FREE e-Newsletter
Important News - Hot Topics
Get them Now!
Doug  Wyllie

Doug Wyllie

Doug Wyllie has authored more than 1,000 articles and tactical tips aimed at ensuring that police officers are safer and more successful on the streets. Doug is a Western Publishing Association “Maggie Award” winner for Best Regularly Featured Digital Edition Column. He is a member of International Law Enforcement Educators and Trainers Association (ILEETA), an Associate Member of the California Peace Officers’ Association (CPOA), and a member of the Public Safety Writers Association (PSWA).

William Harvey

William Harvey

William "Bill" Harvey is currently serving as chief of police in south central Pennsylvania. He retired from the Savannah (Ga.) Police Department where he worked assignments in training, patrol, and CID. Harvey has more than 25 years of experience working with recruits, rookies, and FTOs.

Your First Inspection

As recruits you are under the microscope, and that’s a good thing.

May 09, 2007  |  by William Harvey - Also by this author

It is your first day on the job. You are going to be scrutinized by everyone. Your superiors are going to inspect you. You know this, but do you actually know what the first inspection is really going to be like?

Before you hit the streets, your FTO or another superior is going to inspect you, your equipment, and anything in your briefcase and/or equipment bag.

This will be a critical inspection for you and one that will set the tone for the rest of your patrol life.

The department has taught you its expectations for grooming and uniform appearance. You may think this stuff is BS, but you are expected to follow it. Your FTO will give you a once over and make sure that you look sharp.

The department should have also given you a list of guidelines covering what equipment and gear you need. This will have saved you some money, time, and lots of frustration. You should have paid attention to this! Your FTO will check everything you are carrying on your body and in your bag or case.

Let’s talk a minute about that bag. You need something practical, not something fancy. When I was an FTO, one of my recruits showed up on the first day with an expensive leather attaché case that his mother had presented him for academy graduation. He was so proud of it. And he should have been; it was a beautiful case, well-suited to the work of a lawyer or business professional. But it was totally wrong for cop duty.

You could barely get a clipboard in it. By the time I had given him the wheelbarrow load of forms we had to carry then—this was before departments put laptop computers in their cars.)—he realized that it wasn’t going to work. He went out and purchased something else that afternoon. The attaché went in his car to go home.

It’s amazing how much stuff a new recruit accumulates. The academy gives you books, manuals, directories, and some books that I, a guy who used to run an academy, still can’t figure out what they are for. Replace them with cheat sheets and reference sheets that your department has developed through the years. That should help you jettison about 20 pounds.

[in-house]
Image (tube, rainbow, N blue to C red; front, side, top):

I’ve said this before, but it bears repeating: Don’t buy a bunch of stuff you don’t need just because you think it’s cool. As a recruit in the academy you cannot help being excited about all of the gear and equipment available to police officers. You peruse all of the latest cop magazines and cop catalogs; you go to cop shops; you go to gun shops; and you go to gun shows.

I understand. Cops are always looking for “needful things.” I’ll let you in on a little secret; I still can’t help drooling over all of the cool stuff myself (so don’t feel bad).

Just remember that your department may issue this equipment or it could be prohibited by your department. Make sure you need it before you buy it. Money is real tight when you first put on a badge, and you do not need to be spending it needlessly.

Before you report for your first day on the job, make sure that you are not carrying any prohibited items. If you are carrying any secondary weapons of any kind, make sure they are within policy. I have seen it all: martial arts weapons, edged weapons, specialty ammunition (non-departmental issued), and even gloves that delivered electrical shocks. Don’t bring this stuff to your first day on the job.

And don’t think this is your last inspection. You are now under a microscope, and that’s a good thing for you and your department.

Inspections in the FTO/FTR process are constant and ongoing. Like my Command Sergeant Major told me when I made sergeant in the Army: “Leadership is 90 percent checking and 10 percent telling.” Your FTO is going to be doing an awful lot of checking. Get used to it.

Be the first to comment on this story

POLICE Magazine does not tolerate comments that include profanity, personal attacks or antisocial behavior (such as "spamming" or "trolling"). This and other inappropriate content or material will be removed. We reserve the right to block any user who violates this, including removing all content posted by that user.

Other Recent Blog Posts

Recharging Your Batteries: The Benefits of "Unplugging"
There is certainly benefit to being current on events involving the people you consider...
Speaking on the Unspeakable: Ending the Pandemic of Police Officer Suicide
I've talked with officers who have lost a colleague to suicide—as well as many widows of...

Police Magazine